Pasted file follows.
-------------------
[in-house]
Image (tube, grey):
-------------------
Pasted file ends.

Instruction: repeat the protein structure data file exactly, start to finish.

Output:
[in-house]
Image (tube, grey):